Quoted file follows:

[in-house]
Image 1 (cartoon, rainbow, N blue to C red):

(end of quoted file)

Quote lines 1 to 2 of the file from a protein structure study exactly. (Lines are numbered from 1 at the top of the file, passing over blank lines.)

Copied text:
[in-house]
Image 1 (cartoon, rainbow, N blue to C red):